If You Live Here, Watch Out for These Acid-Spraying Bugs
These scorpion-like creatures have a scary defense system.
As if bugs aren't unsavory enough on their own, experts say there is one kind of arachnid that sprays acid when startled. The creature looks like a cross between a scorpion and a spider, but is in fact a breed all its own. These giant critters can be found in a handful of states in the U.S., as well as abroad, and you'll want to keep some distance thanks to their scary defense system. Read on to find out if these pinching, acid-spewing bugs are in your state.
The vinegaroon has been compared to scorpions and lobsters.
On July 14, Big Bend National Park shared a photo of a vinegaroon, an arachnid also known as a whip scorpion that had been found in the park the previous week. According to CBS News, these creatures also go by the name "land lobsters" thanks to the obvious resemblance to those crustaceans. Per the American Museum of Natural History (AMNH), the scorpion-like bugs can be found in Arizona, Florida, and Texas.
Vinegaroons can spray acid or pinch when they feel threatened.
According to the experts at Big Bend National Park, vinegaroons are "relatively benign unless you happen to annoy them." If you do annoy them, whether it on purpose or by accident, "they can pinch with their heavy mouthparts (pedipalps) and shoot a well-aimed spray of 85 percent acetic acid (vinegar) from the base of their 'whip' to protect themselves."
Experts are fascinated by this creature, noting that "if you're lucky enough to see one, look closely." But you should also be careful not to startle them, lest you get pinched or sprayed.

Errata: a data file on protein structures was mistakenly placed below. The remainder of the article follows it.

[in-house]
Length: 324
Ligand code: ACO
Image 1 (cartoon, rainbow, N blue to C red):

You're more likely to see a vinegaroon during a rainy season.
The approximately three-inch-long bug is most often seen following a rainstorm. Park officials wrote that "summer rains bring vinegaroons out of their burrows in search of food and love." According to the Conservation Society of California, they tend to hide "in burrows or beneath rocks and logs during the day, and hunt prey during the night." These creatures are most active during the rainy season, as they are pushed from their burrows, but they tend to remain underground when it's dry.
RELATED: For more bug content delivered straight to your inbox, sign up for our daily newsletter.
Vinegaroons mostly eat other bugs.
Experts say that you're not the prey of a vinegaroon, even though they can attack when irritated or frightened. When it comes to what they're actually hunting for, these bugs most commonly munch on other ground dwellers. According to the Conservation Society of California, vinegaroons' diet largely consists of "slugs, worms, and insects such as crickets, termites, and cockroaches."